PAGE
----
The effects of climate change on Lake Huron and sanctuary resources are a significant avenue of potential research for the sanctuary and its partners. To that end, the sanctuary encourages, facilitates and actively participates in research projects that seek to understand and monitor environmental changes in Lake Huron. In 2012, for example, the EPA-led Lake Huron Bi-national Partnership conducted an intensive monitoring program on Lake Huron (Cooperative Science and Monitoring Initiative) (EPA 2008). The sanctuary provided sanctuary-acquired bathymetric data, research vessels, staff and working space at the sanctuary's Great Lakes Maritime Heritage Center. Data from this and similar efforts will inform future Thunder Bay National Marine Sanctuary condition reports.

Going Forward: Sanctuary Boundary Expansion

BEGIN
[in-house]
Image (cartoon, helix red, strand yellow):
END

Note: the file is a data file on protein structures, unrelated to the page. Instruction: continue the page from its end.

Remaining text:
To provide protection for unique historic sites within Michigan's northern Lake Huron maritime landscape, but beyond the current boundaries of Thunder Bay National Marine Sanctuary, NOAA is evaluating the possible expansion of the sanctuary's boundaries. The genesis of the proposed expansion can be found in the sanctuary's Final Management Plan (2009), in which a working group consisting chiefly of members of the Thunder Bay National Marine Sanctuary Advisory Council recommended that the sanctuary expand its boundaries to protect shipwrecks and other maritime heritage resources in waters adjacent to the current sanctuary. The advisory council determined that expanding sanctuary boundaries will help protect important national historic sites through the sanctuary's well-established research, resource protection (including law enforcement), and education programs, while allowing recreational use of the resources. Moreover, within the new boundary is the potential for the discovery of several dozen more shipwrecks, as well as related archeological sites such as docks, cribs, piers and prehistoric sites.